New York Herald; Date: 01-11-1870; Volume: XXXV; Issue: 11; Page: 5
This is one of the worst headlines you could have read in 1870. It's details explained quite horrifically, it was designed to provoke an emotional response. 33-year-old Martin VanBuren Blalock operated a grocery in Hillsborough. He was one of many brothers and sisters born to Hartwell G. and Patsy Herndon Blalock of Orange County. They lived on the "south side of the North Carolina railroad." Martin entered the Confederate Army as a corporal in the 6th regiment from Hillsborough. Before his discharge, he was bucked down to private and seldom received another mention.
Martin was found brutally murdered in his grocery in December 1869, a "ghastly and inhuman spectacle" claimed the article. There was a rope around his neck, which had been slashed and a pillowcase shoved in his mouth. It all appeared rather uncoordinated, perhaps multiple attempts to kill him... or added "evidence" to increase the "ghastliness" of the crime and confuse the identity of the actual murderer. Three black men were arrested. Assuredly, there was evidence, money from Blalock's business and two confessions of the three black men. The article read, "An inquest was held, before which a large number of witnesses were summoned, though unable to fasten guilt upon anybody suspicion fell at once upon a negro named Bob Gunn, and two others, called respectively Young and Lutterloh."
There were many similar incidents and all of the "legal" attributes remained uncertain, the actual provenance of the overwhelming evidence unknown because of the excitement of the community. The article continues, "Their guilt is now established, though arrested only on suspicion created by a strong chain of circumstances." Obviously, these men were tried and executed for the crime.
By chance, perhaps, though not likely, another article two months later tells of an ominous presence in Orange County and elsewhere, but centered upon Orange and Alamance Counties. A group of organized vigilantes that preyed on the "United States and the Negroes" and their allies. These vigilantes killed even men of distinction, prominent liberal politicians of the state. They were organized, intelligent, and composed of ex-Confederates. They were known as the "White Brotherhood" or "Ku Klux Klan."
Oft-used tactics of white supremacists since the Civil War tended to reduce the "traitorous Negro" population. These included framing blacks for crimes that they didn't commit and publicly hanging them. This may or not have happened with Martin Blalock, but his death late in 1869 coincides with the rise of the North Carolina KKK activity and the "open and shut" case against the three black men was probably too good to be true.
New York Herald; Date: 03-14-1870; Volume: XXXV; Issue: 73; Page: 10
Please note the opposition to the "United States government" or "anti-government" part of the article, a common conservative talking point today, just as it was yesterday... with these southern conservatives.
They were organized by one ex-Confederate, wounded in the face and who could speak but little and could not exercise his former career at the bar. His latter days as the Secretary of State for North Carolina were effected from a wheelchair. His name was William Laurence Saunders.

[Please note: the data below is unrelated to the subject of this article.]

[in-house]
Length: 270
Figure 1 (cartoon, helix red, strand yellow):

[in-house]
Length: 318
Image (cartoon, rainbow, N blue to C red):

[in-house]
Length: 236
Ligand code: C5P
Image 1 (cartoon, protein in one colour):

Carolina Story: A Virtual Museum of University History:
"In 1922, the [University of North Carolina] named its new history department building for William L. Saunders to recognize his work as a compiler of historical documents. Saunders graduated from UNC in 1854 and then practiced law in Salisbury, North Carolina. During the Civil War, he served as a colonel and was wounded in two battles. In 1869-1870, he became known as the chief organizer of the Ku Klux Klan in North Carolina and Chapel Hill. When [conservative Southern] Democrats regained power in North Carolina, Saunders became Secretary of State and arranged for the publication of North Carolina’s colonial records in a series on which historians still rely. He served as a university trustee from 1874 until 1891."
It's surprising, yes, that this man would continue to be revered as much as he was after his known association with a group responsible for untold murders.
|"Two Members of the Ku-Klux Klan in Their Disguises"|
Acts of violence were blamed on blacks, but everyone knew that they were actually the work of the Ku Klux Klan... including the federal government.
Capt. Samuel A'Court Ashe, a fellow Confederate officer and North Carolina lawyer-turned-historian, wrote the following about William L. Saunders:
- During the exciting period of Reconstruction from 1867 to 1870, Colonel Saunders was deeply interested in public affairs. In 1870, he contributed to the Wilmington Journal, of which Major Engelhard, his brother-in-law was editor, an article on the Kirk-Holden War that attracted wide attention. It was regarded as the strongest and most perfect article published in the State, and although unsigned, it established for him an enviable reputation.
- The Conservatives were successful at the election held in August, 1870, and obtained control of both houses of the Assembly.
1870 was the first and only time that conservatives had control of both houses until 2012. That's right... they are in total control of the state once again. Their anti-government agenda was wide open and North Carolina elections for nearly 100 years involved two candidates from the same party... both conservative Southern Democrat, but one only somewhat more progressive... still, both firmly under conservative white control... until just before the election of 2012, that is. Any notion of the then liberal Republican party of Lincoln (not today's version, surely) was put aside. To North Carolina and most of the unrepentant South, state governments were dominant over federal.